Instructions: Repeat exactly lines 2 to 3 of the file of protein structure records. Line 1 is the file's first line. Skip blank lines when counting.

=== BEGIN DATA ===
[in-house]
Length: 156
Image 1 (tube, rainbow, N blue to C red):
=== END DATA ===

Length: 156
Image 1 (tube, rainbow, N blue to C red):